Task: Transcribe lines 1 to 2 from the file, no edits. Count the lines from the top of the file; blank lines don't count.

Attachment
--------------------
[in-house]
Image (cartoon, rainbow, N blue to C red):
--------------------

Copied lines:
[in-house]
Image (cartoon, rainbow, N blue to C red):